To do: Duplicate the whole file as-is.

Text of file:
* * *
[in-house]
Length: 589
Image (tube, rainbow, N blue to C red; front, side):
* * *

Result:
[in-house]
Length: 589
Image (tube, rainbow, N blue to C red; front, side):